Red Flags. Pink Flags. Which Flags Matter?

Red Flags. Pink Flags. Which Flags Matter?

by Sara Bennett | October 14, 2019

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There are reasons NOT TO HIRE that can be just as important as the Reasons TO HIRE!

Any candidate vetting process worth the title has to be able to spot information about a candidate that might be show up on the job once hired in problematic ways.  In our business we call them “red flags” (or “pink flags” if we’re trying to hedge our bet!)

And if we’re doing our job we know any time we have a group of candidates to vett we’ll uncover lots of red and pink flags.  In fact our experience is that if  we’re reviewing 15 candidates with the basic skills or experience needed to “do the job” there will be 4-5 candidates on that list with bright red flags, and most of the rest will have flags that are shades of red or pink.  We consider it a key element of what we do is help our clients spot the flags that might impact their hiring decision and arm them with the facts about those flags.   We want our clients  to make their hiring decisions after they have objectively considered all known risk factors! NO SURPRISES!

What we’ve found is that there are very few RED FLAGS that can be put in the automatic disqualifier bucket – meaning without additional research. Most flags simply alert us as to the need to ask more questions, do more research to uncover all there is to know about the FLAG – the whys behind the what’s.

We’ve also found that no matter how tempting it is to overlook some of the flags that pop up when vetting any candidate, regardless of how qualified or liked they are, the flags should never be ignored.  Yes, there are times when an issue gets uncovered that represents a hiring risk, but if our client decides to take that risk because it is offset by high levels of high demand skills or work experiences, that is their call to make. We consider ourselves hiring advisors not decision makers.

The key to handling the red or pink flags that come up in every candidate vetting process is taking the time to discover and clarify the facts relevant to the “flag” and making a decision about how to go forward that makes the most sense given the upside and downside of every hiring decision.  The FLAG matters, and so do the FACTS about that flag.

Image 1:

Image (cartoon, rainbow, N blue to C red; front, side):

(And just for the record, there are also things that come up with candidates that we call green flags – things about that candidate that on first impression trigger a hiring manager to believe this is the candidate they should hire. Obviously the candidate that eventually gets hired should have a whole bunch of green flags, but spotting them too early in the process and short cutting any of the steps in the process is often what leads  to hiring mistakes.   Green flags should be researched too…to make sure they’re actually “green.”)

Here’s TWELVE things that we tag as RED (or PINK) FLAGS when vetting a candidate….

1. Showing Up LATE to the interview. 

With traffic grid locks a norm in most of our Puget Sound communities, arriving late for an interview is not the serious red flag it once was. Traffic stuff happens, even for the most prepared. That said, to make sure time management issues get detected before a candidate is hired,  we recommend that our clients organize their hiring process to include 2-3 scheduled appointments or deadlines to see if “arriving or completing work on time” is part of their MO. If traffic is an issue, schedule video rather than face to face appointments. If you’ve built homework into your vetting process (which we highly recommend), make sure it has a clear “due date”. Pay attention to any pattern that looks like an otherwise qualified candidate has issues with organization and/or time management.

2. Showing Up UNPREPARED….

…can signal something about the candidate that needs to be explored IF your expectations of how the candidate needed to be prepared was clearly spelled out in your vetting process.   IOW, to get a good look at how a candidate might show up in your work environment as either prepared or not prepared to do work, make sure your pre hire vetting includes some “homework” that the candidate is expected to complete by a specific time or in a specific way.